A Look at Trump’s Mental Health



                                                by Kenneth Bagnell



      It’s now about a year since Donald Trump was reported in the media to have given his back hand to women by saying: “Canadian women threaten our core values, our way of life, and the very things we are trying to do here.” It goes on: “Canadian women must be stopped. They’re literally the worst…….” How about this for good manners: “That woman is crude, rude, obnoxious and drunk.” Oh well, that’s to be expected from President Trump but not taken very seriously, as most other utterances should also not be taken seriously. So be it.

       Nonetheless, Trump’s rude and crude language, has been out front all the way from his inauguration. Once in office he formulated a character that may be amusing to some but is likely a grave embarrassment to most Americans. (He’s often called Hillary Clinton a “nasty woman” when she’s anything but.) Unfortunately, sad to say, a large element of the evangelical community still supports him, even though he’s crude and rude, and virtually never goes to a church. How conservative evangelicals still vigorously support Trump is an issue for social psychologists.

        In fact, last year, several highly credible media firms, and then professional psychologists, began to speculate on his mental fitness. One movement in that direction was taken by The New York Times, which engaged a highly qualified man named Richard Friedman, a Cornell university professor of clinical psychiatry. In the early paragraphs of his essay titled “Is it Time to Call Trump Mentally Ill,” Friedman pointed out that he was not the first psychiatrist to question Trump’s mental health. Moreover, a letter questioning the same thing, had already been published, signed by — get ready — 35 psychiatrists, along with psychologists and social workers.  (I can’t help wondering how it affected Trump especially in The New York Times!)

    Friedman was both cautious and candid which is revealed in these two sentences of his: “You can be psychiatrically ill and be perfectly competent, just as you can be mentally healthy but totally unfit. (Of course, certain mental states, like florid psychosis or dementia, would render a president unfit to serve.”) Obviously the man is very cautious, and interests me because of my own academic background but also because for many years taking a politician’s mental health to a psychiatrist was disallowed. (For example, if I’m correct, Barry Goldwater was considered for psychological examination as a Presidential candidate in the1970s, but it was dismissed on grounds of custom. Those appear to have changed.)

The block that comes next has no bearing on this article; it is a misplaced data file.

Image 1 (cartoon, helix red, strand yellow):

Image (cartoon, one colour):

As for Trump, the psychiatric and psychological findings are not favorable. They were, even to those who expect caution, straightforward with a headline in April 2017 that read: “Donald Trump has ‘dangerous mental illness’ say psychiatry experts at Yale Conference.” That was in April 2017.  The very respected group of psychiatrists described as   “several dozen mental health professionals” revealed his condition was much worse than I ever expected: that the President of the United States was – get ready – “paranoid and delusional.” That is a most serious diagnosis. It covers paranoia, schizophrenia, and as a result, also megalomania.  A member of the group, Dr. John Gartner, a practicing psychotherapist who advised psychiatric patients at Johns Hopkins University Medical School, says: “We have an ethical responsibility to warn the public about Donald Trump’s dangerous mental illness.”  A synopsis of the perspective in the book was discovered, and this sentence is a reasonable window on its treatment of the matter:  “The volume is aimed strictly at demonstrating that Trump shouldn’t be in office and that a panel of mental health professionals should be established to determine his lack of fitness. At the heart of many of the essays is the increasingly controversial 1973 ‘Goldwater rule’ implemented by the American Psychiatric Association, which states that psychiatrists shouldn’t diagnose public figures without personally examining them. Also frequently cited is the “Tarasoff” decision made by California in 1976, which states that psychiatrists should speak out when they know an ‘individual is dangerous to another person or persons.’”

      I have to say now that whatever is really to happen on the matter, has not yet happened. It’s a very big issue. As for me, I expect stealthy politics is currently working away to delay it or have the public forget it. But at least one interesting development has taken place. A sizable group of 27, from the many consulted psychiatrists have hastily put out a book called, The Dangerous Case of Donald Trump. It is written in the form of essays by the 27 psychiatrists, and while they appear written in a rush, they acknowledge the danger that existed in the Goldwater obstacle as I’ve mentioned. A reference to it says: “Trump’s mental state presents a clear and present danger to our nation and our individual well-being.”

     It seems to be still existing as an obstacle. I’m virtually certain the Trump organization wants it exactly that way. One ordinary citizen among the many who read about Trump, puts his frustration in three brief sentences: “Don’t you think that we the people have the right to question his sanity when he has his finger on the button? He can send thousands of our soldiers to die or send millions to heaven or hell. Have the stupid and uneducated taken over our world…?” The stupid. Well, well… that’s a good question sir. I guess we’ll just have to well…… wait. Just to keep you posted, sir: a man named Trump is still at the helm.



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